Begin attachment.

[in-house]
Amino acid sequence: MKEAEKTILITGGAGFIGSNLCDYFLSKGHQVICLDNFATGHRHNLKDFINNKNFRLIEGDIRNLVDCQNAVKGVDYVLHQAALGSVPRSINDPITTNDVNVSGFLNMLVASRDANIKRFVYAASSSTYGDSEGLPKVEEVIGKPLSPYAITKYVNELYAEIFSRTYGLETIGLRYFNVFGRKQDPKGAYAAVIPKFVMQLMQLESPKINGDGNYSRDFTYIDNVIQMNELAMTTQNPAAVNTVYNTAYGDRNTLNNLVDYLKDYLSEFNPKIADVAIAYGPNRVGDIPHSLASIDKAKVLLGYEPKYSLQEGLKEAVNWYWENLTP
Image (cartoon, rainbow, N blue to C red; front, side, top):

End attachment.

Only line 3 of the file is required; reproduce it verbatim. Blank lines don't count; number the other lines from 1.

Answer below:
Image (cartoon, rainbow, N blue to C red; front, side, top):